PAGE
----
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Conditioning protocols based on injury types in a professional ballet company: a case study and workshop David Outevsky MSc, PhD (candidate) Tanya Berg.

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Presentation on theme: "Conditioning protocols based on injury types in a professional ballet company: a case study and workshop David Outevsky MSc, PhD (candidate) Tanya Berg."— Presentation transcript:

1 Conditioning protocols based on injury types in a professional ballet company: a case study and workshop David Outevsky MSc, PhD (candidate) Tanya Berg MA, PhD.

2 Background Research on injuries in professional ballet dancers
Research on conditioning for DanceSport Work as part of the health team for a professional ballet company Dancers asked for a remedial program inspired by dance science

3 Procedures Screening: Dancer Wellness Project (DWP).
In section 1, we took participants health history and demographic information. In section 2, we conducted a physical assessment of aerobic capacity, hypermobility, ROM, strength, functional movement, balance, and alignment We thank the Dance/USA Task force on Dancer Health for the development of the Annual Post-Hire Health Screen for Professional Dancers and/or the standardized system for reporting injury.

4 Conditioning Program Remedial program:
Based on analysis of each dancer’s weaknesses and injuries and relevant research, each dancer was provided with an individualized remedial conditioning program to be followed during the performance season. The use of C-I Training was instrumental in the development of the conditioning protocols as David is a certified trainer.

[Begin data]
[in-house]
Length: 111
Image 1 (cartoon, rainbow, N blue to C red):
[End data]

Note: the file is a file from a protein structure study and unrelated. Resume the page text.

5 Summary of Results Common issues: Remedial exercises:
Alignment and balance issues, especially in tests done in parallel (6th pos.). Several have also exhibited symptoms of hypermobility, spinal misalignments, as well as low strength and proprioception capabilities. Remedial exercises: Rooted in endurance, aerobic, and alignment conditioning for dance and athletics. See following chart.

6 Pre-Season Screening (weakest results)
Name Step 0=ex. Beighton Adams PROM Strength Balance Step Down Sara Score 4 L Thoracic Dec IR hips feet 3/5 R/L 9 F/F Holly 5 - hips, FHL 5/5 L 12; R 13 Emma L hip; R hip IR; FHL GM 3/5; L Foot L 29; R41 P/P Sally 1-good L lumbar (pain w ext) L IR w pain in supine lie Abd 4 GM 3 or 4 feet3L; 4R L 5; R 10 Ken 9 L 110; R 120 Abd 3 GM 3 L ER 3 foot L4; R 3 L 60; R 60 Leo 3- average 3 L/R hip IR L/R HS GM 4/3 R weaker L 60; R 9

7 Remedial exercises chart *discussed during workshop
TEST WEAKEST RESULT EXERCISES FOR WEAKEST RESULT *3 Minutes Step Test Score: 3 (average) Cardiovascular conditioning *Beighton Hypermobility Test Score: 9 Specific strengthening/alignment Adams L Lumbar (pain with extension) Turned out alternating leg lifts Arabesque exercise prone Sitting with folded leg stretch Progress to second position PROM R/L Hip IR R/L HS Pretzel Over-crossed passé Hamstrings with legs across *Strength: Gluteus Medius Score: 3/5 Outer leg lifts Sitting or lying double leg hip abduction (snow angels) *Strength: Intrinsic Foot Points and Squeezy Flexes U shapes for ankles Balance L 5; R10 Proprioception exercises *Step Down F/F Parallel pliés

8 Discussion The reason for screening (potential injury prevention, systematic/accessible knowledge base for institutions) The values of conditioning (potential preventative measures, easily applied and understood, shown to improve performance) Value to the teacher, more informed student (teacher can structure lessons based on results, use conditioning tools in the classroom/ student can be more mindful about his/her limitations and better prepared for dance)